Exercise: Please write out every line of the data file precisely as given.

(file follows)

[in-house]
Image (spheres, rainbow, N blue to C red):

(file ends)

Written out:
[in-house]
Image (spheres, rainbow, N blue to C red):